The global pandemic has changed the world of work forever, and workers want more from their jobs than just a good salary. What can companies learn from the latest Adecco Group’s 2022 Workers Survey about what people really value? The VP of Human Resources at The Adecco Group shares her formula for getting the balance right.


This article was authored by Encarnacion Maroño Otero, VP of Human Resources at The Adecco Group.

I always say I have the best job in the world. My mission is to take care of working people’s wellbeing and professional development. The pandemic has reminded businesses of the importance of putting people first - and this is our department’s priority.

We can see from our 2022 survey “Exploring Workers’ Professional Aspirations” - that salary, company atmosphere and career opportunities rank as the top three workforce concerns. And the most striking finding is the disconnect between what companies think workers want, and what they actually want. 

Almost three quarters of the companies we surveyed say they think salary matters most to the people they employ. That’s compared to just over half of the workers who say what they earn is their biggest concern. 

Increasingly, people are looking for more than just money from the companies they work for. They also want an “emotional salary'' - the non-financial benefits that give a sense of purpose, meaning and belonging. Increasing salaries by 35% won’t make a difference if people don’t feel loved, respected & known. Or, if all newcomers are not well supported during their onboarding process. When we don’t make people feel they matter, they will soon leave.

So, what makes people want to stay? As an HR department, we like to work as an innovation lab - testing new ways of working. So, here’s our magic formula for companies that want to recruit and retain talent: 

Put people first

We also strive to put exceptional people at the core of our teams so they can bring extraordinary results. First, you need to create an environment that nurtures the talent of your teams, and where each person can participate and feel their voice is heard. Then, it is important to find out their strengths, who they are and what they really want from work. Our CEO, Alain Dehaze, writes: “When employees feel heard, understood and cared for, they work harder, take more risks, and help others succeed. This in turn improves talent retention.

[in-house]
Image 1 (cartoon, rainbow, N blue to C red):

Building a people-centric culture means starting from the top, and encouraging managers and leaders to take care of their teams - not only as professionals, but also as people. Encourage your managers to make time to check in with people and ask about their life, family, feelings and health - don’t race straight to talking about KPIs. 

People stay in companies they feel valued by, and the pandemic has shown us that corporate empathy has an essential role to play. The move to remote working has called for a new, more collaborative form of leadership. Being sensitive to the needs of our staff means really getting to know them. A manager who knows who you are and what motivates you, and genuinely asks how you are feeling and listens when you respond is extremely valuable. This creates a happy, healthy and psychologically safe workplace for everyone.

Create a culture of belonging

Workplace atmosphere ranked highly in our survey – 36% of participants say it is their most important  consideration. So how do you create a company atmosphere where all people can flourish? I often say: “Adecco is you, and you are part of Adecco’s success.” A successful company culture has to be felt as something real - a person’s impact is much greater when they feel part of something bigger.